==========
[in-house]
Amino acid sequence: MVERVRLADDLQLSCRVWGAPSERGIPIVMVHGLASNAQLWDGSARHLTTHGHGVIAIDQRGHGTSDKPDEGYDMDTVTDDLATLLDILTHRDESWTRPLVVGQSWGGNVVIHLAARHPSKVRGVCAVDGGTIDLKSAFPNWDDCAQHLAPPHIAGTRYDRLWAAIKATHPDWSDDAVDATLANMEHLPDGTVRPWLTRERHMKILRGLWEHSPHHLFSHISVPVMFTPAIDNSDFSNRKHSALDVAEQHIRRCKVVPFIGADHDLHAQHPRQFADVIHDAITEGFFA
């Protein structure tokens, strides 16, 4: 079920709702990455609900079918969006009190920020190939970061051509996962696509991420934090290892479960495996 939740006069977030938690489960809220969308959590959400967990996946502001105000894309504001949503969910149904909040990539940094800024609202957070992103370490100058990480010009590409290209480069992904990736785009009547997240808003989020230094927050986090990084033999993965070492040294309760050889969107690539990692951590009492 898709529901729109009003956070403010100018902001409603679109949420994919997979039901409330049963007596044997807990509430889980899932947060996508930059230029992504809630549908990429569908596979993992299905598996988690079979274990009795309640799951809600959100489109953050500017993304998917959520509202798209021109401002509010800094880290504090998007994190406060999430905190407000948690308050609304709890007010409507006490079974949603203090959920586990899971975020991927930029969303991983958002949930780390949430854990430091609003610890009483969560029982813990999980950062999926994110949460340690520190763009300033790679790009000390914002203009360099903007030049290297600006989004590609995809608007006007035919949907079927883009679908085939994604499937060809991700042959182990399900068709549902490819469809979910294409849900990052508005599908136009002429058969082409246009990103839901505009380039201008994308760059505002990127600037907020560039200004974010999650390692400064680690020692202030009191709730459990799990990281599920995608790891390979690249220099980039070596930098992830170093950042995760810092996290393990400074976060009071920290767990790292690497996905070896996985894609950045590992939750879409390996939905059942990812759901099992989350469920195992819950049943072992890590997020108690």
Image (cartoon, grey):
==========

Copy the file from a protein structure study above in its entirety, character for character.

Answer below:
[in-house]
Amino acid sequence: MVERVRLADDLQLSCRVWGAPSERGIPIVMVHGLASNAQLWDGSARHLTTHGHGVIAIDQRGHGTSDKPDEGYDMDTVTDDLATLLDILTHRDESWTRPLVVGQSWGGNVVIHLAARHPSKVRGVCAVDGGTIDLKSAFPNWDDCAQHLAPPHIAGTRYDRLWAAIKATHPDWSDDAVDATLANMEHLPDGTVRPWLTRERHMKILRGLWEHSPHHLFSHISVPVMFTPAIDNSDFSNRKHSALDVAEQHIRRCKVVPFIGADHDLHAQHPRQFADVIHDAITEGFFA
């Protein structure tokens, strides 16, 4: 079920709702990455609900079918969006009190920020190939970061051509996962696509991420934090290892479960495996 939740006069977030938690489960809220969308959590959400967990996946502001105000894309504001949503969910149904909040990539940094800024609202957070992103370490100058990480010009590409290209480069992904990736785009009547997240808003989020230094927050986090990084033999993965070492040294309760050889969107690539990692951590009492 898709529901729109009003956070403010100018902001409603679109949420994919997979039901409330049963007596044997807990509430889980899932947060996508930059230029992504809630549908990429569908596979993992299905598996988690079979274990009795309640799951809600959100489109953050500017993304998917959520509202798209021109401002509010800094880290504090998007994190406060999430905190407000948690308050609304709890007010409507006490079974949603203090959920586990899971975020991927930029969303991983958002949930780390949430854990430091609003610890009483969560029982813990999980950062999926994110949460340690520190763009300033790679790009000390914002203009360099903007030049290297600006989004590609995809608007006007035919949907079927883009679908085939994604499937060809991700042959182990399900068709549902490819469809979910294409849900990052508005599908136009002429058969082409246009990103839901505009380039201008994308760059505002990127600037907020560039200004974010999650390692400064680690020692202030009191709730459990799990990281599920995608790891390979690249220099980039070596930098992830170093950042995760810092996290393990400074976060009071920290767990790292690497996905070896996985894609950045590992939750879409390996939905059942990812759901099992989350469920195992819950049943072992890590997020108690």
Image (cartoon, grey):